I cannot help notice the token investment of Rs 800 crore for wind energy in the Budget. Although the FM explicitly mentioning the commitment to promoting wind energy is an encouraging sign, Chidambaram could have used his budget to boost these renewable sources of energy as an avenue to balancing economic needs with environmental concerns like global warming. The truth is that thermal and hydro power plants have a very high social cost as they require very large tracts of land, thus displacing large sections of our people. And this forced displacement has been a key contributor to increased violence on people and even armed-conflict.
Instead of wiping away the tears of the aam aadmi, the government is determined to formulate policies that only lead to large scale displacement, and migration. As far as I know, 92,000 villages have vanished from the Indian map in the 65 years since Independence and in 29,000 villages, Dalits do not even have a graveyard. Rather than allocating money to acquire land for homesteads, the government is in a rush to acquire land for corporations. Rather than demonstrating their commitment to the aam aadmi by formulating a progressive land acquisition bill that actually puts the villagers’ interest ahead of acquiring land, the government is showing its commitment to the corporate sector by setting up a regulatory body to fast-track acquisition of land for road construction.
Indeed, I am disheartened to see the complete absence of land reforms as a strategy for pove, landrty eradication in the budget. Instead of allocating money to initiatives like setting up fast-track courts and land tribunals and acquiring land to provide homestead land (as had been promised in Agra), the government is allocating Rs 1,000 crore to provide the youth with skills training that will prove useful in the corporate sector. Acquiring land for people with lives revolving around agriculture and the homestead will make it possible for them to keep their identity, dignity and security, while prioritising only the development of youth skills will only make them unequal runners in this capitalistic race.
Though there are good decisions, like the allocation of Rs 1,400 crore to set up water purification systems in villages hit by arsenic and fluoride pollution, raising the allocation for the rural development ministry by 46 per cent, setting up six AIIMS-like institutions, doubling allocation to address maternal and child malnutrition, the budget has been a disappointment. Many policies that appear pro-farmer are not. Rather than formulate policies to make people self-reliant, the government is making them stand before babudom with a begging bowl for its various welfare schemes.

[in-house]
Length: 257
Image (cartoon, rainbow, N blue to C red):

The writer is president of the Ekta Parishad; E-mail your columnist: ekta.rajagopal AT gmail.com
Thank you to all those who have taken the trouble to read the article and share their thoughts. Out of the arguments made here, there are two that perhaps need answering. So here they go.
1. The first part of the article compares outcomes (relative percentages of population of the religions concerned) irrespective of the process that led to those outcomes - whether immigration, relatively faster population growth or conversions. This was for two reasons. One, to put the figure of 2.3 per cent in "numerical perspective", as the article itself explained. The second reason was that outcomes are ultimately what the crux of debate is about. The rest of the article in any case dealt with process - or conversions in this case, from both a contemporary and historical perspective.
2. Some commenters have tried to cast doubts on the reliability of Census 2001. Those who do this should bear in mind that Census 2001 was conducted by a BJP government. Considering the extreme importance that BJP gives to this issue, it would be reasonable to expect that IF it had perceived a problem with the methodology that was distorting the numbers, it would have fixed it. As the article mentioned, BJP or BJP-supported governments have been in power for 10 of the last 40 years, or about a quarter of the time, and the only reasonable conclusion one can arrive at is that any misreporting of numbers, real or perceived, would be marginal and hence, not of importance.
To all other arguments made, my answer is the following: Please read the article again, with particular focus on the quotations of Vivekananda and Monier Williams, and the history of the missionary efforts in Bengal and their outcome.
Feminist schemes at the cost of hard working males, either in the form of 'Women Bank', 'Feminist Wefare' ( $ 40 bn ), or MREGA are bound to put pressure on a economic system that is even otherwise under strain from corruption.
The conequence of unbridled capitalism is polarization of wealth.India which was tottering between socialism and capitalism has adopted capitalism without any checks which will be good initial stages.Gradually few rich will control the many poor.Then it will become so many to so few.If Mr Chidambaram's budget reflects this,it is no wonder.He is only a part of the system that controls the people and the legislature.
"Rather than formulate policies to make people self-reliant, the government is making them stand before babudom with a begging bowl for its various welfare schemes."
Agreed. Our elite are either feudal or mai-baap paternalistic ... our liberalism is also a challenge because it comes from the mindset of "protecting" the children. Also, it works well for the electoral process ... so the probability of change is very very low.
I didn't want to coment here but @Maleunblocked: BE A MAN!
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